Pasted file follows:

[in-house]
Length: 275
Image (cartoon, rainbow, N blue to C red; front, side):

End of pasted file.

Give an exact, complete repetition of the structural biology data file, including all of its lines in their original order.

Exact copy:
[in-house]
Length: 275
Image (cartoon, rainbow, N blue to C red; front, side):